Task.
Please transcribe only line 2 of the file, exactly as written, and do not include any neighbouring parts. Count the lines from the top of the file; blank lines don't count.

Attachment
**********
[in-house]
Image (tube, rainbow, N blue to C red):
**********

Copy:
Image (tube, rainbow, N blue to C red):